The Black Director Who Should Have Won an Oscar

The grandson of slaves, Oscar Micheaux made 44 movies, becoming the Cecil B. De Mille of Race Movies, and the Czar of Black Hollywood, inspired by that obnoxiously racist film from 1915: Birth of a Nation.

As optimists, Americans usually treat inspiration as positive, but fear and fury motivate too. This Oscar who deserved an Oscar but never got one, turned watching Birth of a Nation into the birth of his movie career. And he refused to be shackled by the limitations all blacks endured during what we should call the Awful African-American Purgatory. Living from 1884 to 1951, he was sandwiched into that black state of suspended political animationpost-Civil-War pre-Civil-Rightswhen black freedom wasnt completely denied but not yet achieved. While defying racism, Oscar Micheaux was so upbeat, so patriotic, and so successful, the historian Dan Moos calls him a Black Turnerian. That label embodies the optimism, pragmatism, and nationalism the late-nineteenth-century historian Frederick Jackson Turner found in the American frontier.

Micheauxs birthplace, Murphysboro, Illinois, in 1884, and upbringing on a Kansas farm with ten siblings, set him up to be a middle American. But his adopted hometown of Gregory, South Dakota, which celebrates his legacy with an annual festival, reflects the frontier pioneer he chose to be. When he was 21 he was already homesteading 160 acres in South Dakota. Tough and ambitious, he found acceptance out Westneighbors complimented him as one of them, by calling him more South Dakotan than black.

A natural story-teller and self-promoter, he realized he preferred writing to farming especially after drought dried up his land. His novels mostly described a young black pioneers adventures in the untamed yet surprisingly welcome wilds of South Dakota.

Then as now, writers struggled to find readers. That quest stirred Micheauxs entrepreneurial spirit, catapulting him from the world of words to the worlds of entrepreneurship and images, and from one quintessential American platformthe Westto todays defining American platformcommercialized pop culture.

Back in the Dakotas, Micheaux became the door-to-door cowboy salesman. Not trusting publishers, he established his own publishing company. Trusting his own salesmanship, he sold his first threeof sevenautobiographical novels to his neighbors one-by-one, from farm-to-farm: The Conquest in 1913, The Forged Note in 1915, and The Homesteader in 1917.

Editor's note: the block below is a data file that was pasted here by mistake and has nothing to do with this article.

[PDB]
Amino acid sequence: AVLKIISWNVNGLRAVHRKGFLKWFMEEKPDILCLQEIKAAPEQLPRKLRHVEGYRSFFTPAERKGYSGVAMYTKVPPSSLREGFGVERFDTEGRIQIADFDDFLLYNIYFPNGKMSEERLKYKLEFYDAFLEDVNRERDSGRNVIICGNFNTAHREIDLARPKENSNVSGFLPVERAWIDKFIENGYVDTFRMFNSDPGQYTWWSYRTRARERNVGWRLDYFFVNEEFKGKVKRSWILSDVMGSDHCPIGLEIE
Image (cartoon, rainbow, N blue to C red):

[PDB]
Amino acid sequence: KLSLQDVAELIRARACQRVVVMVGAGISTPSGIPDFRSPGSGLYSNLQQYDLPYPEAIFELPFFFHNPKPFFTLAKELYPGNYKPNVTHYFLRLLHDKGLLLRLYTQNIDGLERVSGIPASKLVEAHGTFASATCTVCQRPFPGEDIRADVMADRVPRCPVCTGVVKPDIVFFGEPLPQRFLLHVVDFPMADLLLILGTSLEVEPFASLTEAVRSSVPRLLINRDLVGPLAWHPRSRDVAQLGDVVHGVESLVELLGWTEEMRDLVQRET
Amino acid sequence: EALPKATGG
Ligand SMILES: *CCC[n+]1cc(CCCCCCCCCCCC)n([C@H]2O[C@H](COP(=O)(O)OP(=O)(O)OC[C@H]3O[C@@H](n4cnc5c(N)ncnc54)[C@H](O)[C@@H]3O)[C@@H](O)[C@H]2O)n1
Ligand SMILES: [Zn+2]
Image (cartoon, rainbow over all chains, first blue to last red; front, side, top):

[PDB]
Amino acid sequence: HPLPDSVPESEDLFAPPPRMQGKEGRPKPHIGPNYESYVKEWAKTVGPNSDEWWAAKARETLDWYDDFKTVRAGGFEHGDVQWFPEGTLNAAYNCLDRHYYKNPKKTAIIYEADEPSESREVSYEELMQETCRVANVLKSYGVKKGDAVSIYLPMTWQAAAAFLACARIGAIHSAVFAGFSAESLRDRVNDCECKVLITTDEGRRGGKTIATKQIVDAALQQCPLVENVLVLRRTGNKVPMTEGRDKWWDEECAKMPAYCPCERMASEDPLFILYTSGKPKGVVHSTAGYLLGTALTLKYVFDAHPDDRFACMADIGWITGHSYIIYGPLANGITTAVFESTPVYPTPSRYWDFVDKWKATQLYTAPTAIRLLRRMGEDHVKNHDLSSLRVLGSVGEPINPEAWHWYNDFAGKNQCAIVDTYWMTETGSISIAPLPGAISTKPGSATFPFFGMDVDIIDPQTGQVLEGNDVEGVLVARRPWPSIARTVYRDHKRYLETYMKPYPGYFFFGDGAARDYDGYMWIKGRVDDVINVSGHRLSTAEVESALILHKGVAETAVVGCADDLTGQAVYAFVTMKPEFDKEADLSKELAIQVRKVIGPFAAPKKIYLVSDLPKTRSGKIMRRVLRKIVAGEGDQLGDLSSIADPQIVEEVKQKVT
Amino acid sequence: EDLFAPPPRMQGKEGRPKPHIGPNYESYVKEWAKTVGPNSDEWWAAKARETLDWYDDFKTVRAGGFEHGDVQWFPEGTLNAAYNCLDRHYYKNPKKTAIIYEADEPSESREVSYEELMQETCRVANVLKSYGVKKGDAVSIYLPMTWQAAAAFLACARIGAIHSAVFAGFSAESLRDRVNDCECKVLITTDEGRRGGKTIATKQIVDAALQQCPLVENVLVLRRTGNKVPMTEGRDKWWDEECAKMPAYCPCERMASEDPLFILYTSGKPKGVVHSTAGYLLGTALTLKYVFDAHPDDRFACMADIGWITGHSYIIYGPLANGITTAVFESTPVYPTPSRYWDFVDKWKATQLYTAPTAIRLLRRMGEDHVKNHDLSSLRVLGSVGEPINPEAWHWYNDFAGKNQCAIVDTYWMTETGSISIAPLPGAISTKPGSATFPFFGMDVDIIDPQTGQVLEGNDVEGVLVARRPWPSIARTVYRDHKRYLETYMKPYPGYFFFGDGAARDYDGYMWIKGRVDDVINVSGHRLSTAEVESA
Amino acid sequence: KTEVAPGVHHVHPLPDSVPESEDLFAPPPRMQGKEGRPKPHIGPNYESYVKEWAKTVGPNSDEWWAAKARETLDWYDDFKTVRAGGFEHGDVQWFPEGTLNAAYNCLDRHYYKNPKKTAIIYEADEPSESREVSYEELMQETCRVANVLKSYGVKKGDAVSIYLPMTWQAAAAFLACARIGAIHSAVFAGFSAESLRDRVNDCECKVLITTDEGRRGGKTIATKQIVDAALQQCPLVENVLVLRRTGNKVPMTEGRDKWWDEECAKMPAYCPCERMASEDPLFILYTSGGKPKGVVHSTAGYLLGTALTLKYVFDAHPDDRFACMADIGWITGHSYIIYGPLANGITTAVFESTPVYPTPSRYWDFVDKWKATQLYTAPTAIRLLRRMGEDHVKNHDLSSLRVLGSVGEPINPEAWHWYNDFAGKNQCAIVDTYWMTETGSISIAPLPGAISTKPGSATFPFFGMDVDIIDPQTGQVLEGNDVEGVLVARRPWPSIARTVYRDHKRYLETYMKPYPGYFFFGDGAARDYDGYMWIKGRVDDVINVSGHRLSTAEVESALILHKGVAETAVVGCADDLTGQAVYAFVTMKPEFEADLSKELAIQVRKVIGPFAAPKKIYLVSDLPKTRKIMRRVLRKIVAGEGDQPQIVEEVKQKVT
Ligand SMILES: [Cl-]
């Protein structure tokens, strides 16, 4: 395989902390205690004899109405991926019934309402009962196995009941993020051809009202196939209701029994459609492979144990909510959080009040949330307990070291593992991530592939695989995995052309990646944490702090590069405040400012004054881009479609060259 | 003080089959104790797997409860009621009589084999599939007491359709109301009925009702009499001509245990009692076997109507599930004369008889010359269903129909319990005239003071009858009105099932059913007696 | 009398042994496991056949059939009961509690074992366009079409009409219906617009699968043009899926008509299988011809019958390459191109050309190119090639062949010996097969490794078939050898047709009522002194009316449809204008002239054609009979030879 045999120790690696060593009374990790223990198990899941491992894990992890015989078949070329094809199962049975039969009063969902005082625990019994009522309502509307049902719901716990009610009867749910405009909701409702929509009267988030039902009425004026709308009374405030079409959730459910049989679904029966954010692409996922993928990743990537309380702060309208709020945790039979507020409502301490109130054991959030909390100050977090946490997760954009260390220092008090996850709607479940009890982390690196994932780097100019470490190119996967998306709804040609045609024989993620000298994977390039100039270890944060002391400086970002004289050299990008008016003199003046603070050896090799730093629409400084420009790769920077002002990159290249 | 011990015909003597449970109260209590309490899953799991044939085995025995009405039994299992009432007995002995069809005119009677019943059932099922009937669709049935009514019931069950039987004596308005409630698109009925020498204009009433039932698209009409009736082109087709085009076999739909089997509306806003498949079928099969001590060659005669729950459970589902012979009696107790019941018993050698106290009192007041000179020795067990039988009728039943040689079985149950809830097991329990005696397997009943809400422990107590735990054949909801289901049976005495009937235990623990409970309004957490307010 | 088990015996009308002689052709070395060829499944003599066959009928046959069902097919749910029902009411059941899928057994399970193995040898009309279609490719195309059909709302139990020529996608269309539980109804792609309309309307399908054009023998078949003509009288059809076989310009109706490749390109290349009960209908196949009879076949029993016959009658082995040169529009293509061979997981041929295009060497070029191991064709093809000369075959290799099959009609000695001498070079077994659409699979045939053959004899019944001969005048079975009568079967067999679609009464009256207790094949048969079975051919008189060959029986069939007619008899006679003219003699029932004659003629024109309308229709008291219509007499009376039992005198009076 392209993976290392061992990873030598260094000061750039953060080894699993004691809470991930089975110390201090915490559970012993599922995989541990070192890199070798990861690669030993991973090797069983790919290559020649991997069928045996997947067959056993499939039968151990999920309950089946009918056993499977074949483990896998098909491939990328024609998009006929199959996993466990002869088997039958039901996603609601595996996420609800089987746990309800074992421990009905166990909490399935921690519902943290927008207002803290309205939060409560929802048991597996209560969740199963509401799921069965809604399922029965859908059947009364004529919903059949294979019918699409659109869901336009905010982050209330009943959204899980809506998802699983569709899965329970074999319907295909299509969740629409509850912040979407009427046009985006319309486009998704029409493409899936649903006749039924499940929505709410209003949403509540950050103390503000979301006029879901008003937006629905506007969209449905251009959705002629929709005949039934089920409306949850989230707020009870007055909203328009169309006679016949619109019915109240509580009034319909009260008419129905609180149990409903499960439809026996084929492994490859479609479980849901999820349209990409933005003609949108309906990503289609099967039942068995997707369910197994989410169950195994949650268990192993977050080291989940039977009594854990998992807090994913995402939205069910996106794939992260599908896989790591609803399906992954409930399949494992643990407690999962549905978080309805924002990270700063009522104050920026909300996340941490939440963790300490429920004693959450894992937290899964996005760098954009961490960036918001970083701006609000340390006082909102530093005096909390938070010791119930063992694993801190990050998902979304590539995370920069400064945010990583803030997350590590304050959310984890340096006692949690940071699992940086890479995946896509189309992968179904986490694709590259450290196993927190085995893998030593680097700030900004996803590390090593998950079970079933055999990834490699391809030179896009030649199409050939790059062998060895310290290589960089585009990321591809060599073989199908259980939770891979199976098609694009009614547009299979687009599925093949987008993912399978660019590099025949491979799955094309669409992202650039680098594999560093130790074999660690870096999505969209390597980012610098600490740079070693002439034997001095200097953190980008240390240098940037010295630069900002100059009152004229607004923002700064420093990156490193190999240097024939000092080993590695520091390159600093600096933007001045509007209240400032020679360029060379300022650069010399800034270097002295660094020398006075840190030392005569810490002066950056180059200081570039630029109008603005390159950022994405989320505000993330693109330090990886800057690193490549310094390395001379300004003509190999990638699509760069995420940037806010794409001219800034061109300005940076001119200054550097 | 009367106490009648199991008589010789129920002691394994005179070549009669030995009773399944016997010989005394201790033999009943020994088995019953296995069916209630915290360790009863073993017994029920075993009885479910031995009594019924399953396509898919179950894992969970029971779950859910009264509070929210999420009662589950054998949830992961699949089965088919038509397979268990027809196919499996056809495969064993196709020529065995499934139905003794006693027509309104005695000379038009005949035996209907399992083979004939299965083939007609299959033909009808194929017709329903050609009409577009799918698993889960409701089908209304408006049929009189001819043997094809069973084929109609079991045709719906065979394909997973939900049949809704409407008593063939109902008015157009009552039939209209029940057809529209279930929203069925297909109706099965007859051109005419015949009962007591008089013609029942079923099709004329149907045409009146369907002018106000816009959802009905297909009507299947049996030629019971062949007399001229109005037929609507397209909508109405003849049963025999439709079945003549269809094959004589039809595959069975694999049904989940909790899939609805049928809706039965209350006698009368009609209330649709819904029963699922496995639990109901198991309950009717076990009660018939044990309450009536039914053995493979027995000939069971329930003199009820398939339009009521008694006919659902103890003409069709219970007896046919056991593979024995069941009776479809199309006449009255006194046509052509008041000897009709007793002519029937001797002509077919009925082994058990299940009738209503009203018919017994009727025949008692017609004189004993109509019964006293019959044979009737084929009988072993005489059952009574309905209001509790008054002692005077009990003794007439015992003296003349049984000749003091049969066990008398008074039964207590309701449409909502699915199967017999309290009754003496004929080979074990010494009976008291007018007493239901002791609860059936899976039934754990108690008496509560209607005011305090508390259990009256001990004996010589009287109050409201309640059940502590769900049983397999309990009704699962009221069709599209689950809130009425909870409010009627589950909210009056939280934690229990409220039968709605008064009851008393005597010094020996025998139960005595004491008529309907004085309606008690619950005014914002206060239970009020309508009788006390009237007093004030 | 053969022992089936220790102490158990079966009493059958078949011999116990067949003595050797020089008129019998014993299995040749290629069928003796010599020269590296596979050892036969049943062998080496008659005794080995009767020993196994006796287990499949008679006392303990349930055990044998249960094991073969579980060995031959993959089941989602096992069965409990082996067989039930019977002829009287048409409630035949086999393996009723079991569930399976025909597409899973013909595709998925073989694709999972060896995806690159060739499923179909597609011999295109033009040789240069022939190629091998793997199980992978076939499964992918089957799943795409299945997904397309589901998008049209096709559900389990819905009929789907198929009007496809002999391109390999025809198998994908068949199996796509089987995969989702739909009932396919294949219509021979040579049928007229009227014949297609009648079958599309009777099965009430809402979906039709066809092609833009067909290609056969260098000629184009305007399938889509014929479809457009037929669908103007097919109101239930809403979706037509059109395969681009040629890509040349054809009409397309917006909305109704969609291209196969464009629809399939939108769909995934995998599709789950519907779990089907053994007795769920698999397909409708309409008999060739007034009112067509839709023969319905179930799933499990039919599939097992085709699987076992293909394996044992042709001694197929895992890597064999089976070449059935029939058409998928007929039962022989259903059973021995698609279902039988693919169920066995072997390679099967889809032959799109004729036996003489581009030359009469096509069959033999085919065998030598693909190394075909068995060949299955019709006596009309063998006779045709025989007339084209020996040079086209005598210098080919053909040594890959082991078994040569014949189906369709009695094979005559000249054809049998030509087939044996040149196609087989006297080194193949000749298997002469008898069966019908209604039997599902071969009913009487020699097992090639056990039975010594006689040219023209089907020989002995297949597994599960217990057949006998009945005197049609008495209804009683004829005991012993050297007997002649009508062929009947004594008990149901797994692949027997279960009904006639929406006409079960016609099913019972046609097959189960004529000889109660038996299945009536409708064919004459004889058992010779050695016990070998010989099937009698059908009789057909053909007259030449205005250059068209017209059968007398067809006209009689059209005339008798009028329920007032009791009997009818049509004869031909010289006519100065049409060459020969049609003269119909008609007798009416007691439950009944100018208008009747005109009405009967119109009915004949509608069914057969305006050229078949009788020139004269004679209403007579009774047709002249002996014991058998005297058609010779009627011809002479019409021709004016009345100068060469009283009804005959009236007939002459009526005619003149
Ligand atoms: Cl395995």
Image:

A restless, all-American go-getter, forever looking for new horizons, even while trailblazing his latest frontier, Micheaux leaped from forgettable pioneer novelist to history-making pioneer movie-maker in 1918. The vicious but vivid Ku Klux Klan-infused movie The Birth of a Nation, gave him his Aha moment. He immediately appreciated movies as a moving story-telling medium, absorbing viewers into worlds producers produced.

In 1918, the Lincoln Motion Company, co-founded by an African-American actor Nobel Johnson, proposed making The Homesteader into a film. Instead, Micheaux decided to make the movie himself. The result was a series of firsts. First, what historians now consider the first full-length feature film written, produced, and directed by an African-American. Second, the first of Micheauxs 44 films. And third, the first all-black cinematic eco-sphere independent of Hollywood: The Micheaux Film and Book Publishing Corporation, founded in 1918 in Chicago. Lincoln Films, the William D. Foster Film company, and the Colored Players Film Corp were among the key players in a whole flowering of Race-Filmsmovies made before World War II by blacks, starring blacks, about blacks to entertain blacks.

At a time when Hollywood erased them or mocked them, African-Americans emerged as three-dimensional characters in Micheauxs two-dimensional detective stories and schlocky romances. Homesteaders grossed over $5,000 an impressive sum. Micheauxs Henry-Ford-type instinct with his novels to control the process from start to finish now shaped his movie-making. He worked with a corps of actors, favoring one leading lady, Evelyn Preer. Together, they developed the kind of auteur-actor dynamic that once made so many delight in watching Diane Keaton or Mia Farrow star in Woody Allen films back when most viewed Allen as legendary director not creepy predator.